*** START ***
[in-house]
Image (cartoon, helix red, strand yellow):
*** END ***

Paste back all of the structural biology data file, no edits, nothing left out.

[in-house]
Image (cartoon, helix red, strand yellow):